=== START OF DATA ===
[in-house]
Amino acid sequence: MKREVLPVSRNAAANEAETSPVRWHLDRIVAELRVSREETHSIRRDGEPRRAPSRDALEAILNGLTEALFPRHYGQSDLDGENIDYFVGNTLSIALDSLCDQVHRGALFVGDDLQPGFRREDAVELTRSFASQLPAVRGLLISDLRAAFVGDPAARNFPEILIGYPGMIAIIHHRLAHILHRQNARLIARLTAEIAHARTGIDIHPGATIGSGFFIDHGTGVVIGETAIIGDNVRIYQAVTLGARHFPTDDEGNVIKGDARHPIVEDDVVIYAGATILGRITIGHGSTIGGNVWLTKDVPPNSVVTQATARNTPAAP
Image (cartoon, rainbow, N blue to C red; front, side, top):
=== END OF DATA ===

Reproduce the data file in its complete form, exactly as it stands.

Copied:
[in-house]
Amino acid sequence: MKREVLPVSRNAAANEAETSPVRWHLDRIVAELRVSREETHSIRRDGEPRRAPSRDALEAILNGLTEALFPRHYGQSDLDGENIDYFVGNTLSIALDSLCDQVHRGALFVGDDLQPGFRREDAVELTRSFASQLPAVRGLLISDLRAAFVGDPAARNFPEILIGYPGMIAIIHHRLAHILHRQNARLIARLTAEIAHARTGIDIHPGATIGSGFFIDHGTGVVIGETAIIGDNVRIYQAVTLGARHFPTDDEGNVIKGDARHPIVEDDVVIYAGATILGRITIGHGSTIGGNVWLTKDVPPNSVVTQATARNTPAAP
Image (cartoon, rainbow, N blue to C red; front, side, top):